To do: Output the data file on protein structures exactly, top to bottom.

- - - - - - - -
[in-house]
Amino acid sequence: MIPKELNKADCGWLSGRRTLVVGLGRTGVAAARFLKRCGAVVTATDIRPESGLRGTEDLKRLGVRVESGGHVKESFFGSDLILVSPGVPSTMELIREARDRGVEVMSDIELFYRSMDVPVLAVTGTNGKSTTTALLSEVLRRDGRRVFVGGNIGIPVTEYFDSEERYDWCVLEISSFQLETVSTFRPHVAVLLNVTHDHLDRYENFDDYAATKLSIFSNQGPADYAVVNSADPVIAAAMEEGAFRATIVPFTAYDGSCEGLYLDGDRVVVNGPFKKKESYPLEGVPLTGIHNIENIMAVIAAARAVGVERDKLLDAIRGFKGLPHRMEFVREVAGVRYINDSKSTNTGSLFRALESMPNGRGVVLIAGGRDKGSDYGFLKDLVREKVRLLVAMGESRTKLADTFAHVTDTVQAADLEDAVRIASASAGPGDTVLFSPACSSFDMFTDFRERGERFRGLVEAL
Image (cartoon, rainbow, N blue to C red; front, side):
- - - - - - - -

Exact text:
[in-house]
Amino acid sequence: MIPKELNKADCGWLSGRRTLVVGLGRTGVAAARFLKRCGAVVTATDIRPESGLRGTEDLKRLGVRVESGGHVKESFFGSDLILVSPGVPSTMELIREARDRGVEVMSDIELFYRSMDVPVLAVTGTNGKSTTTALLSEVLRRDGRRVFVGGNIGIPVTEYFDSEERYDWCVLEISSFQLETVSTFRPHVAVLLNVTHDHLDRYENFDDYAATKLSIFSNQGPADYAVVNSADPVIAAAMEEGAFRATIVPFTAYDGSCEGLYLDGDRVVVNGPFKKKESYPLEGVPLTGIHNIENIMAVIAAARAVGVERDKLLDAIRGFKGLPHRMEFVREVAGVRYINDSKSTNTGSLFRALESMPNGRGVVLIAGGRDKGSDYGFLKDLVREKVRLLVAMGESRTKLADTFAHVTDTVQAADLEDAVRIASASAGPGDTVLFSPACSSFDMFTDFRERGERFRGLVEAL
Image (cartoon, rainbow, N blue to C red; front, side):